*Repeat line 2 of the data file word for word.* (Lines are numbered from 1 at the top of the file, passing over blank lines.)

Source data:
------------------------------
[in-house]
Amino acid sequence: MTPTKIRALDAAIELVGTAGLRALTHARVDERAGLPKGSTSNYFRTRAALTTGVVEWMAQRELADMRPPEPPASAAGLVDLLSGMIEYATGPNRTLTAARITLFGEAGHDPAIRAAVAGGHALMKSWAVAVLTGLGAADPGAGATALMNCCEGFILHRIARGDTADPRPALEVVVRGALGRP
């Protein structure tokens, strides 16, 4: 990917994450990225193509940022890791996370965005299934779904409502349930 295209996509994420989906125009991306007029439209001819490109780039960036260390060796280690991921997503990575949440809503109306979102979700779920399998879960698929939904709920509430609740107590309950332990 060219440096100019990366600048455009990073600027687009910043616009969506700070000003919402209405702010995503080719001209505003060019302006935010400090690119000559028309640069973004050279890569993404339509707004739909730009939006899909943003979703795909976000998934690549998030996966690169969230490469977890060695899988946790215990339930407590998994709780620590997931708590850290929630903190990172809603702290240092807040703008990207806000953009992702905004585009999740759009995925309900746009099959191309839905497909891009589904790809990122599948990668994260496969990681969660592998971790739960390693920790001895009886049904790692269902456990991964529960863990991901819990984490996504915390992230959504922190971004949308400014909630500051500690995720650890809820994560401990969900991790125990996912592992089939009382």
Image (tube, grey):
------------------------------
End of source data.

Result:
Amino acid sequence: MTPTKIRALDAAIELVGTAGLRALTHARVDERAGLPKGSTSNYFRTRAALTTGVVEWMAQRELADMRPPEPPASAAGLVDLLSGMIEYATGPNRTLTAARITLFGEAGHDPAIRAAVAGGHALMKSWAVAVLTGLGAADPGAGATALMNCCEGFILHRIARGDTADPRPALEVVVRGALGRP